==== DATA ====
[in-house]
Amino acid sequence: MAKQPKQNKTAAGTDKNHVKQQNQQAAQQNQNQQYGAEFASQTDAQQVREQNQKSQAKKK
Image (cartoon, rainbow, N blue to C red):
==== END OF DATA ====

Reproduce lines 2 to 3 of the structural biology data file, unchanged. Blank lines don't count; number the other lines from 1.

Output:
Amino acid sequence: MAKQPKQNKTAAGTDKNHVKQQNQQAAQQNQNQQYGAEFASQTDAQQVREQNQKSQAKKK
Image (cartoon, rainbow, N blue to C red):